8. Sally Magnusson

For my series finale I chat to Sally Magnusson, distinguished broadcaster, journalist, author and founder of the music and dementia charity Playlist for Life.  When her mother Mamie Baird developed the condition Sally started writing about her in an attempt to hold onto the wonderful woman she loved so much. The result is a tender letter from a daughter to a mother. It is also a reporter’s investigation into one of the most feared conditions of our time. 


In Where Memories Go, Sally explores dementia, and what it does to an individual, through the eyes and heart of a loved one, through the theories of neuroscientists and quantum physicists, through the beliefs of theologians, and the words of poets and philosophers. Her investigations reveal that music is the one thing dementia cannot destroy. Which is why, up until the final stages of her life, when Mamie is lying in bed little more than “a breathing cadaver” she still whispers the words of a song. “For you and me, for us and we/All the clouds have rolled away”.  And why, after her mother’s death, Sally went on to found the highly regarded and successful Playlist for Life.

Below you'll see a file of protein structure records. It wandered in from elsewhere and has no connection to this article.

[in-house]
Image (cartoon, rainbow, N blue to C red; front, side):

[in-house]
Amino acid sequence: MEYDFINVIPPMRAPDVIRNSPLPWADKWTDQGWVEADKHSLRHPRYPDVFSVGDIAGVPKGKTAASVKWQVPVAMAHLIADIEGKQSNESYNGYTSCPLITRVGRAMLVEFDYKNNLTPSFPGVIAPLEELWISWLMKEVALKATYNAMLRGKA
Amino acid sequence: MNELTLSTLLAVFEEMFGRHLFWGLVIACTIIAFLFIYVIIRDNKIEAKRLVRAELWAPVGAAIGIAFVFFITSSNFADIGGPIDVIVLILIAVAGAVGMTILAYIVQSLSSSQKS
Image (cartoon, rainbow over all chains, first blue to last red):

Her book is about that most slippery of concepts, the self. And about society’s morally questionable view and treatment of those in danger of losing this most precious, intangible thing to dementia.  As her mother nears her end, Sally muses on her unconquerable soul, her indestructible identity. “You are Mamie, the only one there has been or ever will be. You are you”.


Playlist for Life can be found at playlistforlife.org.uk and Sally’s latest novel, The Ninth Child, published by John Murray, is out now and available on Amazon.


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